April 19 2019
‘Seema Raja’ review: The decline of royalty
14 September 2018

An insipid subject that tries to showcase too many elements but excels in none

Sivakarthikeyan seems intent on following the route Rajinikanth took in tinseltown. Five minutes into Seema Raja, and you can already spot two elements that the recent Superstar release Kaala employed: chaos during a cricket match and the entry of the hero with a dog in tow.

A little later, there’s a Padayappa-like sequence and much later into the film, you’ll see Seemaraja arriving in a helicopter, much like the popular scene in SivajiEven the camera angle is similar to the one employed in Sivaji.

That Sivakarthikeyan is trying what Rajini did in most of his commercial fare – in the Nineties and now – is excusable. What isn’t excusable, though, is picking a storyline that’s formulaic and archaic.

Seema Raja
  • Genre: Drama
  • Cast: Sivakarthikeyan, Soori, Samantha, Simran, Keerthy Suresh
  • Storyline: A youngster who belongs to a royal family needs to play saviour to his villagers

The film harks back to the times of zamindars and royalty, and Seema Raja is among its few torchbearers in present-day Tamil Nadu. He struts around like a king. He gives away money to those who enquire his well-being. He drives a chariot (recall Rajini in Muthu?) and tries to bring order in conflicting situations.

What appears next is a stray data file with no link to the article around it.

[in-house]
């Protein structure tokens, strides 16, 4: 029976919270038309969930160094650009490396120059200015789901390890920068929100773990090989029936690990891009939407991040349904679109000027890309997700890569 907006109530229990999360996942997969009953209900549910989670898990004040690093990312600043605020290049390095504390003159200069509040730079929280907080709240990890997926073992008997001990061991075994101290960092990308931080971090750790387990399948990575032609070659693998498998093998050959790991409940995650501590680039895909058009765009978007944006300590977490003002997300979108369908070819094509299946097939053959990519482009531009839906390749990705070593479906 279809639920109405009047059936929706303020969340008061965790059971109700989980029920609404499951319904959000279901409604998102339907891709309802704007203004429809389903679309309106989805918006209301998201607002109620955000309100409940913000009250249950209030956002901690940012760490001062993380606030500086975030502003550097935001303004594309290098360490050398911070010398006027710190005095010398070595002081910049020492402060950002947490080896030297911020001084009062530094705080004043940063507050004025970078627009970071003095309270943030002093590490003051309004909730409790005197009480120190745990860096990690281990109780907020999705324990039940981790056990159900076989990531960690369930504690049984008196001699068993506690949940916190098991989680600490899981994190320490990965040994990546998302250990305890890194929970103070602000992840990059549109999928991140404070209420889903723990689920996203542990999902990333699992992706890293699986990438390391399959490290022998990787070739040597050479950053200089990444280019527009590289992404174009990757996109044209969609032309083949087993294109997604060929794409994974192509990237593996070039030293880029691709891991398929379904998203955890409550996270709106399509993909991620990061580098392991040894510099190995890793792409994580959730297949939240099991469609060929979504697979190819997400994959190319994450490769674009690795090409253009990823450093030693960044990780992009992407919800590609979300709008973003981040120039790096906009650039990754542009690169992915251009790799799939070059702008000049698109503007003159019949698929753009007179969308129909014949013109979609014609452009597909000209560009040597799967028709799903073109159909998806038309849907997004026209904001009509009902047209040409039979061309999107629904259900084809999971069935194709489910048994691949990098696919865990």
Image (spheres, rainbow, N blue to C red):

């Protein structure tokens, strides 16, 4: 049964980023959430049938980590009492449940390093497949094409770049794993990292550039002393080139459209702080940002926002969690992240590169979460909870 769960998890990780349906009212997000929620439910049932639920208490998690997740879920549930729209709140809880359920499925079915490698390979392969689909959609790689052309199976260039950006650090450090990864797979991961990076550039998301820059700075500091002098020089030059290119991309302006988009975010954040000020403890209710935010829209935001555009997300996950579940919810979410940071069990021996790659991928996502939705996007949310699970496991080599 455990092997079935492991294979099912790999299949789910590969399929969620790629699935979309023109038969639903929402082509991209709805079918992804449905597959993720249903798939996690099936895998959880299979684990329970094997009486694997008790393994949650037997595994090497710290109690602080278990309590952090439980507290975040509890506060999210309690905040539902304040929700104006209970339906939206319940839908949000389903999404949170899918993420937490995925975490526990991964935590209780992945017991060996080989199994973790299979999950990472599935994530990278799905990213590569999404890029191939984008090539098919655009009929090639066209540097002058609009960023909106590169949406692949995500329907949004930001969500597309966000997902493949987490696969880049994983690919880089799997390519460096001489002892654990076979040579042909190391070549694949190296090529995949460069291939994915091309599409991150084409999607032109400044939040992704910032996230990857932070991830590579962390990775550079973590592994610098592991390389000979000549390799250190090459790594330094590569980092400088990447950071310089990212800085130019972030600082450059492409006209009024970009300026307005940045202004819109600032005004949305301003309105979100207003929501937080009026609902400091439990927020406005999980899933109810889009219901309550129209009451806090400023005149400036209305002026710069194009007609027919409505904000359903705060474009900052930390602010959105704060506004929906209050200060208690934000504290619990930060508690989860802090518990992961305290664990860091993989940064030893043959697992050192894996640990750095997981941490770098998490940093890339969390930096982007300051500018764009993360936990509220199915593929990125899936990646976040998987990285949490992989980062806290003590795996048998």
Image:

His arch-rival is the head of Singampatti, a neighbouring village that is always at war with his people. The first half ambles on without much purpose, preferring to concentrate on his benign romance (with a PT teacher called Selvi, played by Samantha) and a comedy track (with Soori, who else?) that elicits laughs only sporadically.

By the time the meatier portion in the film arrives – a period flashback that talks about Seemaraja’s ancestors who ruled the area in the 1400s – we’re too tired to sit up and take notice. The period portion works; while it is familiar territory to audiences thanks to Baahubali and Padmaavat, it’s heartening to see it being executed well in a commercial film. But the happiness doesn’t last too long; we’re soon back to masala-land, one in which the hero has to address important issues concerning farmers and slay the bad guys.

Except the lead characters of Sivakarthikeyan and Soori, the casting is generic; Simran seems confused in a role that hardly suits her and demands her to speak in an accent she is uncomfortable with. Director Ponram seems to have clearly missed a trick by trying out to put in too many commercial elements and excelling in none.

Even music composer Imman’s tunes sound repetitive and reminiscent of his work in Varuthapada Valibar Sangam and Rajini Murugan. One of the numbers even has the hero crooning a lyric that references the popular Tamil phrase: ‘Aracha Maavu Arachaalum’ (batter that has already been ground). There, they’ve said it themselves.



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